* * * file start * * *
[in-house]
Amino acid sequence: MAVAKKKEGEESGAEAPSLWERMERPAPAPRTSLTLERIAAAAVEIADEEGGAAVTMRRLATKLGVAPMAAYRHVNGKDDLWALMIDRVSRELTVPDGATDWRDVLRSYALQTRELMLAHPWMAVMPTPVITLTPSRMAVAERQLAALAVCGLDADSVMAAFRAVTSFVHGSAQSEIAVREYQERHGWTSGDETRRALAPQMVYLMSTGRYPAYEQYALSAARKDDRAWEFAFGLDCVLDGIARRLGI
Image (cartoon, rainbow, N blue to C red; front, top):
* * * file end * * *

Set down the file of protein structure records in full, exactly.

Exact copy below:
[in-house]
Amino acid sequence: MAVAKKKEGEESGAEAPSLWERMERPAPAPRTSLTLERIAAAAVEIADEEGGAAVTMRRLATKLGVAPMAAYRHVNGKDDLWALMIDRVSRELTVPDGATDWRDVLRSYALQTRELMLAHPWMAVMPTPVITLTPSRMAVAERQLAALAVCGLDADSVMAAFRAVTSFVHGSAQSEIAVREYQERHGWTSGDETRRALAPQMVYLMSTGRYPAYEQYALSAARKDDRAWEFAFGLDCVLDGIARRLGI
Image (cartoon, rainbow, N blue to C red; front, top):